France

An Obsessive Couple’s Journey in ‘Ash is Purest White’

HollywoodChicago.com Oscarman rating: 3.5/5.0
Rating: 3.5/5.0

CHICAGO – Obsessive love is a movie story staple, and “Ash is Purest White” puts a Chinese point-of-view on this strange phenomenon. This is a coupling in the background of organized crime and a changing China, and their success and failure is based on the events surrounding them as much as their devotion to each other.

‘Transit’ is an Absorbing Thriller with a Perplexing Conclusion

HollywoodChicago.com Oscarman rating: 3.5/5.0
Rating: 3.5/5.0

CHICAGO – What if a new fascism were to sweep the land, and affects Paris, as it did in World War 2? “Transit” postulates on that very theory and creates a paranoid atmosphere that is stunningly real, but brings that emotion to a conclusion that I believe is redundant, and pretends to be deeper than it is.

‘The Upside’ Works Because of Kevin Hart & Bryan Cranston

HollywoodChicago.com Oscarman rating: 3.5/5.0
Rating: 3.5/5.0

CHICAGO – In 2011, there was a notable French film called “The Intouchables,” based on the true story of quadriplegic Phillippe Pozzo di Borgo and the relationship with his caregiver. Leave it to the U.S. film industry to get its sticky fingers on the story, and seven years later Bryan Cranston portrays “Phillip” and his caretaker is portrayed by Kevin Hart. Instead of story, this version relies on its lead actors.

Keira Knightley is Ahead of Her Times as ‘Colette’

HollywoodChicago.com Oscarman rating: 4.0/5.0
Rating: 4.0/5.0

CHICAGO – The maturation of Keira Knightley… from ‘Bend it Like Beckham” to “Pride and Prejudice” to the current “Colette,” has had the actor delivering an evolving depth and purpose to her roles. The latest is a fantastic overview of an ahead-of-her-time French novelist, as the rest of society tried to catch up.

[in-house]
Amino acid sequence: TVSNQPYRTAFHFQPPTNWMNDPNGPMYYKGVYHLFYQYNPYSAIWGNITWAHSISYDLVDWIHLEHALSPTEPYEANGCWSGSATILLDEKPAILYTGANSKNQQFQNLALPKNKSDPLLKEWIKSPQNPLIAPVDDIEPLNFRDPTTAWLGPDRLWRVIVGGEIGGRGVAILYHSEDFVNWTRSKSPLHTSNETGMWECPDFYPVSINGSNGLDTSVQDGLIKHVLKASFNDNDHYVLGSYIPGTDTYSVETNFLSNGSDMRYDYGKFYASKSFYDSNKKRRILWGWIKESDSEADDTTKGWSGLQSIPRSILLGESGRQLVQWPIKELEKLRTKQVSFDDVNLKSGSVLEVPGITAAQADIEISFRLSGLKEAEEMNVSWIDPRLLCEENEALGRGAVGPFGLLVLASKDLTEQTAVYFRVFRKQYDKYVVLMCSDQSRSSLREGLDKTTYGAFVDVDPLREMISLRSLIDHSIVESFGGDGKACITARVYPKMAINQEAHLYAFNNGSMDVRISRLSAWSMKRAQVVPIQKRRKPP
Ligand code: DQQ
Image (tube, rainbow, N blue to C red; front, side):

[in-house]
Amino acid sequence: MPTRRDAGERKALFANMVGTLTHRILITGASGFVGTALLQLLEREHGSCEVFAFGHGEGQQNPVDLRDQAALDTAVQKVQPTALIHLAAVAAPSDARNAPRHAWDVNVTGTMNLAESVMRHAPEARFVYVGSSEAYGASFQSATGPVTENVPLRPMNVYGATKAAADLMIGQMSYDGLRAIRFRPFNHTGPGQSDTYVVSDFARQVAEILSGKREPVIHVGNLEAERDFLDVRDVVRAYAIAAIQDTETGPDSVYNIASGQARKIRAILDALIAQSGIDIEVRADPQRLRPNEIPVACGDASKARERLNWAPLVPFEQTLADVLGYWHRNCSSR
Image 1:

Strange ‘15:17 to Paris’ Can’t Make the Connection

HollywoodChicago.com Oscarman rating: 2.0/5.0
Rating: 2.0/5.0

CHICAGO – What’s up with Clint Eastwood, and why in the Sam Hill did he attach himself as director to this film? Also, why was the decision made to use the actual rescuers as the actors in a true terrorist train incident? Nothing adds up in the strangely disconnected “15:17 to Paris.”

Zen and the Art of Cinema in ‘24 Frames’

HollywoodChicago.com Oscarman rating: 4.0/5.0
Rating: 4.0/5.0

CHICAGO – The legendary Iranian filmmaker Abbas Kiarostami (“Certified Copy”) passed away in 2016, but he left one more meditation on cinema and illusion, in the artistic “24 Frames.” Yes, it refers to the number of still photos that make up a second of film, but in this case it is also Kiarostami’s observations of stillness in motion.

Inflammatory ‘In the Fade’ is the State of Our Now

HollywoodChicago.com Oscarman rating: 5.0/5.0
Rating: 5.0/5.0

CHICAGO – In one of the more truthful and contemporary films of 2017, “In the Fade” is a German/French production about the fallout due to a terrorist act. What it also emphasizes is the generated hatred, frustration and waste of such acts, and its textual story is stunning and distressing.

Everything is Beautiful at the Ballet in ‘Leap!’

HollywoodChicago.com Oscarman rating: 3.5/5.0
Rating: 3.5/5.0

CHICAGO – One of the rites of passage for most girls in the U.S.(and elsewhere, I presume) is ballet lessons. Usually it lasts for a very short time, but some girls-to-women keep pursuing it, and may even become prima ballerinas. A new animated film named “Leap!” is dedicated to that spirit.

Heroics of ‘Dunkirk’ Portrayed Ardently & Humanely

HollywoodChicago.com Oscarman rating: 4.5/5.0
Rating: 4.5/5.0

CHICAGO – War is hell, even in “The Good War.” The early days of World War II were a desperate time for the British, and the events of “Dunkirk” were largely about loss, yet mostly about inspiration. Director Christopher Nolan gives his film a grand cinematic treatment, evoking an era that has mostly faded away.

Emotionally Animated ‘My Life as a Zucchini’

HollywoodChicago.com Oscarman rating: 3.5/5.0
Rating: 3.5/5.0

CHICAGO – Leave it to the Europeans to inject some realistic drama into the art of animation. The recently Oscar nominated “My Life as a Zucchini” is opening in Chicago this weekend, and tells the story of parental abandonment, orphanages and finding family. Co-produced by France and Switzerland, it uses a familiar claymation stop-motion style for more emotional resonance.

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